New Delhi: Arvind Kejriwal, the chief minister of Delhi, has said he does not see the need for banning khap panchayats or unelected all-male village councils that often endorse harsh treatment of women because they serve a "cultural purpose."
Mr Kejriwal and his Aam Aadmi Party (AAP) have declared that their mission is to cleanse India's polity of corruption, a promise that has considerable appeal among urban voters.
But the 45-year-old former tax inspector's soft stand on khap panchayats is likely to disappoint many supporters who hoped his progressive social politics would include a strong agenda for women's empowerment. (AAP eyes Haryana, open to dialogue with 'khap panchayats')
"No, it is not a question of banning these panchayats," Kejriwal told Thomson Reuters Foundation late on Monday. "Khap Panchayats are a group of people who come together. There is no bar on people to assemble in this country ... (But) whenever they take a wrong decision, whenever they take an illegal decision, they ought to be punished."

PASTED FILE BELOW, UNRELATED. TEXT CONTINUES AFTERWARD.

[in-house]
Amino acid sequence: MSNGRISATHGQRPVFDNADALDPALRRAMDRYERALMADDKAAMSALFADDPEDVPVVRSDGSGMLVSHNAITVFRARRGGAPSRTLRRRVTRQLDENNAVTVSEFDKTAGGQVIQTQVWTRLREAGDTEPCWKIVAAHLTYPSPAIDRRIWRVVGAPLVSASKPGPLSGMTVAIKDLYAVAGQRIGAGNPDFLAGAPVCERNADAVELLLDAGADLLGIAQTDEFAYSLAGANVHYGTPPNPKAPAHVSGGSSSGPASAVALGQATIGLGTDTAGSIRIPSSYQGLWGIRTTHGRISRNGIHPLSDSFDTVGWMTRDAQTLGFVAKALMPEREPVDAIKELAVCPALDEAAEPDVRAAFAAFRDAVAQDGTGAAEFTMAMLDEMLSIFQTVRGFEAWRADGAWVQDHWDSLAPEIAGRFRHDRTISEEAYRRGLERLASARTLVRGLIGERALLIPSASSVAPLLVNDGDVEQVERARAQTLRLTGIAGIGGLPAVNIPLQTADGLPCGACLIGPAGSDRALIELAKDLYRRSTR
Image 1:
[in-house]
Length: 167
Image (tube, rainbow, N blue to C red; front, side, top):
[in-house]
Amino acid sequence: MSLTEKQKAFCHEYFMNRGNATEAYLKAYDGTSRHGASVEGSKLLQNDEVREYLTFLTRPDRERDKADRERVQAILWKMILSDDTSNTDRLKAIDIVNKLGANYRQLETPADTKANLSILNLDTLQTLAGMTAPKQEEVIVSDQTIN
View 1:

Khap panchayats in states like Haryana frequently issue misogynistic diktats that ban women from using cellphones or visiting markets without a male relative. Their most extreme punishment is ordering 'honour killings' or the deaths of young couples who marry against the khap's guidelines for inter and intra caste relationships.
While the punitive edicts issued by these de-facto courts have been condemned by the Supreme Court, criticised by the media, and slammed by feminists, the councils continue to act with impunity, unchallenged by police and government.
Last week, 13 men were arrested after they were alleged to have gang-raped a 20-year-old tribal women on the orders of a village court in West Bengal as punishment for having a relationship with a man from another community. (West Bengal gang-rape, allegedly ordered by village council, stuns Supreme Court)
© Thomson Reuters 2014